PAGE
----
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Europe in October - Need Advice - Page 3

post #31 of 40
Maybe a few things regarding cash in Europe:
- ATMs are everywhere, but there will be a fee usually in the amount of 3-5 Euro charged by the bank operating the ATM. This comes on top to any fees your bank charges on drawing cash abroad.
However, this might be interesting for you http://en.wikipedia.org/wiki/Global_ATM_Alliance
- Plastic is accepted widely, but in form of Maestro debit cards and not Credit Cards! Acceptance of credit cards depends on the country with VISA and Mastercard being the safest bets followed by Amex.
In bigger cities or in very touristy areas chances are high that credit cards are accepted.
- Checks do not really exist anymore in Europe.

The amount you need depends on your spending pattern and cost of living in the area you visit. Where are you going to?
post #32 of 40
You don't need to take all the cash you need up front (too risky too)- take enough for what you need the first day or so then hit an ATM.

American CC's are finally starting to get chipped so it will eventualy make things easier. And regarding CC's- you probably know this but be sure to tell your cards that you will be overseas and when- most set you up now so that your charges go right through. Some cards will block you by default until you say it's you.
post #33 of 40
Moo - A lot of good advice here... namely, don't try and visit too many places for such a short trip. Flights from Paris to Rome are only around 50e, so skip any long train rides. We just got back from about a month in France and Italy last June, albeit with the kids. We've been previously, both with and without them, on numerous occassions. My vote would be Paris and Rome. Les Marais (4th) and Trastevere... you will have a very romantic and fun time. Next time we head back for a couple weeks, hopefully without the kids, we'll do this fosho.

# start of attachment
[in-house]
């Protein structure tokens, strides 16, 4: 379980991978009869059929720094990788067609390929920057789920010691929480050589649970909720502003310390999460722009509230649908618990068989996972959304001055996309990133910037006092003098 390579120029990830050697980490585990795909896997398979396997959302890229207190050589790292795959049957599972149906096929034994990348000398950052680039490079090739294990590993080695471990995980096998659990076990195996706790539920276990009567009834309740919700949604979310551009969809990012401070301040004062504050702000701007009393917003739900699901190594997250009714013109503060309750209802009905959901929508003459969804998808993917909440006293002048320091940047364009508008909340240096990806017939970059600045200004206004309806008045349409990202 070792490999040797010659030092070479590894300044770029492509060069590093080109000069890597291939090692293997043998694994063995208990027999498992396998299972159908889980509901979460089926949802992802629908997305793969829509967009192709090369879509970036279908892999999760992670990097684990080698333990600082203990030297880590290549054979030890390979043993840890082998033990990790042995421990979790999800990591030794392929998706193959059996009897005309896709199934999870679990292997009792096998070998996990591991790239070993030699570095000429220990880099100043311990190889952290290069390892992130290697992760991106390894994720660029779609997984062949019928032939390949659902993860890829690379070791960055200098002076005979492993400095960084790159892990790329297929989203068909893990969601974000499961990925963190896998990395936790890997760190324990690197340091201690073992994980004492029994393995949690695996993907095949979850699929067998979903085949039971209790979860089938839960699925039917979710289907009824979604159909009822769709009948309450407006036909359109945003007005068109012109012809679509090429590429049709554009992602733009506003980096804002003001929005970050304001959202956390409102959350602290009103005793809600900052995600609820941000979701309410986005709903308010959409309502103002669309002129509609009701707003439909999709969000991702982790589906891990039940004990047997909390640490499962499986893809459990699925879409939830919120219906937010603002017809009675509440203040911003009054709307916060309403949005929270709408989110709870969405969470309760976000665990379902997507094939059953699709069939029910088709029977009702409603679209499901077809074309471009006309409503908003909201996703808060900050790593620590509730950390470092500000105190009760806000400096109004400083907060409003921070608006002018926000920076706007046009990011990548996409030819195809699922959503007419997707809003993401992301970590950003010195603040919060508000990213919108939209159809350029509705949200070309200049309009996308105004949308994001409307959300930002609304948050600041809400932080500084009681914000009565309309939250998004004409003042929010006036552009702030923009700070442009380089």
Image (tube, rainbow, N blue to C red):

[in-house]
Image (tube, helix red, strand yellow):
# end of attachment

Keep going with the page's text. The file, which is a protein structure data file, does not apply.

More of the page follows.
I would personally consider San Sebastian as well. We were able to slip off without the kids, as my parents were in Biaritz at the same time, for a night and two-days. Epic food and fun bars/nightlife. I'd even take it over Rome, (but probably not if I'd never been to Rome before).
Edited by cocostella - 9/8/13 at 11:21am
post #34 of 40
Thread Starter 
Thanks all. smile.gif

We have decided on Paris and Nice for our first trip to Europe. My wife very much wants to see the South of France, so I must oblige. smile.gif

Next time, we bring the kid(s) and go elsewhere. icon_gu_b_slayer[1].gif
post #35 of 40

You'll love Paris, great choice for this trip. For an anniversary holiday I would choose a regional Italian option. Italy because the people and the culture are every bit as engaging and passionate as the French, and the options I'm going to seell you on are all within easy reach of Paris.

1. For romance, Venice! This is an experience you'll remember forever, no matter how many future holidays you take together. Magical, and plenty of walking, exploring, catching vaporettos around the canals and to other islands to fill a week. Go!

2. For stunning scenery, and beautiful walks, Cinque Terre. Five small hillside villages by the sea, all connected by a rail line. From Paris: light to Genoa or Pisa and a connecting train. I stayed in Riomaggiore last year but a y town that takes your fancy would be equally blissful.